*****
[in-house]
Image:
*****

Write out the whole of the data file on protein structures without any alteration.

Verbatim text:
[in-house]
Image: